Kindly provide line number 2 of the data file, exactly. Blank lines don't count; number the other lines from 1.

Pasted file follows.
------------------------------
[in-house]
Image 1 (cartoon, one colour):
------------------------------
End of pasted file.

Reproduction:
Image 1 (cartoon, one colour):